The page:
As Smith sees it, this sudden push is part of the evolving social consciousness of consumers. “You see it with the way people eat, the cosmetics they use. Consumers want to see a commitment to animal protection and fur is part of that. Fashion is just finally catching up.” He’s always quick to point that luxury brands aren’t immune to the “domino effect” of this soon-to-be status quo in fashion. But unlike the anti-fur movements of the ’80s and ’90s, today’s anti-fur stand isn’t likely to be a fleeting trend, in part, because public policy is far less fickle. With recent slew of city-level bans, as well as Truth in Fur Label Act passed by Congress in 2010, which specified that all fur coming into the United States must be labeled with species and country of origin, fur is now a faux pas that can lead to prison time.
Banning something, of course, doesn’t eliminate one’s desire for the illicit. Fortunately, for those who appreciate fur for its aesthetic possibilities, a number of start-ups are pursing biological alternatives. The Brooklyn-based start-up Modern Meadow is attempting to developed “BioFur,” a series of leathers and furs constituted from lab-grown collagen, the protein found in animal skin. Other approaches include the development of lab-grown skin cells. In 2016, the Riken Centre of Developmental Biology in Japan successfully grew mouse skin cells replete with fur.
Then, there’s always faux fur. Fakes were ubiquitous presence the runway for Fall / Winter 2018 runways. Givenchy, Chanel, and Dries Van Noten incorporated imitation fur in their collections. A number of emerging designers are embracing faux fur as well. Shrimps, Maison Atia, and House of Fluff, which launched exclusively with Net-a-Porter in October 2017, are all young brands moving forward having never known the quandaries posed by fur. The level of quality exhibited by these new champions of faux may have us questioning why we didn’t abandon fur earlier. House of Fluff is one such example. Founded in New York by creative director Kym Canter and design director Alex Dymek, both formerly of J.Mendel, the brand touts an ethical and cruelty-free approach to luxury clothing, developing their imitation fur at Italian mills that incorporate vegan leather. The urge to start House of Fluff came when Canter, who was at one time in possession of several real furs, found herself at an ethical impasse. “I started to feel alienated, not just from my furs, but what I was eating, what I was cleaning my house with, what beauty products I was using, and started to become very aware of what was in them and what their impact was on the world around me—and my closet could not escape the same scrutiny,” Canter told me, reflecting a global consumer mood. The attitude permeates every aspect of the brand. Recycled plastics sourced from a woman-led co-op in El Salvador are used exclusively for their hangers, hangtags, and garment bags. For the faux fur itself, the company purchases polyester fibre, essentially recycled polyester, from European countries only due to the strict pollution regulation set in place by the E.U. The result is an ethical product with a small to neutral ecological footprint. Because House of Fluff avoids more toxic approaches to manufacturing, their fur, says Canter, has a “lifespan more similar to real fur.”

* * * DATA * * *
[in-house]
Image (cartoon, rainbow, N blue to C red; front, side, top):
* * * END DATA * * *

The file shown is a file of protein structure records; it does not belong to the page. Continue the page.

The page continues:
When it comes to making ethical choices as a consumer, both Canter and Smith of the The Humane Society defer to the maxim “knowledge is power.” While society and luxury brands shift towards alternates to fur, it’s critical that consumers do their homework, considering that imitation fur can often take a costly toll on the environment. “It’s up to the customer to be educated about what they’re buying,” Smith says, noting how frequently faux furs made with petrochemicals find their way to landfills. Canter suggests what could be called the gut-check approach. “Use some of the rules you might want to think about in anything you buy,” she offers. “If something doesn’t feel good or screams ‘I don’t exist in nature,’ you might not want to go there! We should all think about keeping items for more than a season. Each one of us has to make that decision, you have to start somewhere. Everyone has to start somewhere.”
Document is going fur-free beginning with our Fall Winter 2018 issue.